What cozening, hidden lord and master, and cruel, remorseless emperor commands me; that against all natural lovings and longings, I so keep pushing, and crowding, and jamming myself on all the time; recklessly making ready to do what in my own proper, natural heart, I durst not so much as dare? Is Ahab, Ahab? Is it I, G-d, or who, that lifts this arm…? How then can this one heart beat; this one small brain think thoughts; unless G-d does that beating, does that thinking, does that living, and not I. (407, emphasis added)
The woman whose hands are chains has trapped Ahab by a maddening quest for answers—i.e., the ‘woe that is madness’. He has fallen off of the cliff of the mountain eagle and his wings have been clipped: there is nothing anyone can do to derail this train from its tracks to self-destruction

There are those upon the Pequod that have not succumbed to Ahab’s monomania and have instead replaced it with megalomania. Their thirst is not for the infinite, but rather the notoriety of the accomplishment and the prosperity of the ‘doubloon.’ They have not paid heed to Ishmael’s wise words: “Be sure of this, O young ambition, all mortal greatness is but disease” (74) and are too easily defined as a “money-making animal, which propensity too often interferes with {their} benevolence”(321). All their attempts to aggrandize the self, above and beyond others, are futile and vane, for “All go unto one place; all are of the dust, and all turn to dust again” (Ecc 3.20). And although many Christians would like to consider their religion as superior to all others, Ishmael refers back to

The same ancient Catholic Church to which you and I, and Captain Peleg there, and Queequeg there, and all of us, and every mother’s son and soul of us belong; the great and everlasting First Congregation of this whole worshipping world; we all belong to that; only some of us cherish some queer crotchets noways touching the grand belief; in that we all join hands (84).

What is Past is Prologue:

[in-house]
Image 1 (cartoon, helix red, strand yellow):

In summation, through Moby-Dick, Melville is able to make an adventure story out of Solomon’s quest in Ecclesiastes; he makes an example of the absurdity of humanity’s vanity; he further categorizes ultimate truth as ungraspable; he shows with precise detail the division between wisdom and madness; ultimately, a truth of the equality of all ‘under the sun’ is perpetuated by Melville’s saber-like pen.

Yet perhaps the most outstanding way in which Melville brings “this willful world” closer to “unchristian Solomon’s wisdom” (328) is in his overall critique of traditional Christian religion (different from being a critic of Jesus, himself). It is assuredly the subtlest (or most blunt, depending) critique, yet if one looks closely enough, Ahab, in his faithless existence finds the idea that “the coffin is…an immortality preserver” (396) to be absurd. Merely ‘another orphan’ of the Rachel (the mother of the Hebrews)—which “still remained without comfort {mosiach}” (399) in search of its anointed (messiah) lost son, Ishmael says “take my body who will, take it I say, it is not me” (45), which is quite contrary to the eschatological notion of Christian theology’s resurrection. Ishmael goes so far as to say that he is very willing to take a pagan friend, “since Christian kindness has proved but hollow courtesy” (56). Starbuck, who whispers to the sea of existence “Tell me not of thy teeth-tiered sharks, and thy kidnapping cannibal ways. Let faith oust fact; let fancy oust memory; I look deep down and do believe” (373). Even after “all {his} bursting prayers” and “all {his} life-long fidelities” (425), Starbuck, representative of the paradigm of Christian virtue and faith, is not spared from ultimate death. For Melville and Solomon, the jar of our bodies will return to dust, and our spirit is that which ascends to the infinite (Ecc 12.7). For Melville, the human notions of separate religions and of death as a terrifying thing are absurdities: all beings living and dead belong to the ‘First Congregation’ and “still we refuse to be comforted for those who we nevertheless maintain are dwelling in unspeakable bliss” (Melville 45). “‘All is vanity.’ ALL” (Ibid).


Lift not the painted veil which those who live
Call life
: though unreal shapes be pictured there,
And it but mimic all we would believe
With colours idly spread, -behind, lurk Fear
And Hope, twin Destinies; who ever weave
Their shadows, o'er the chasm, sightless and drear.
I knew one who had lifted it-he sought,
For his lost heart was tender, things to love,
But found them not, alas! nor was there aught
The world contains, the which he could approve.
Through the unheeding many he did move,
A splendour among shadows, a bright blot
Upon this gloomy scene, a Spirit that strove
For truth, and like the Preacher, found it not.

--Percy Bysshe Shelley

This material is copyrighted ©2004

Moby Dick; or, The Whale
By Herman Melville

-It has become traditional in any discussion of Herman Melville’s Moby Dick to begin by quoting the famous first line of the novel. I refuse to do this.-

You know that Great American Novel everybody’s always talking about writing? Turns out it’s already been written.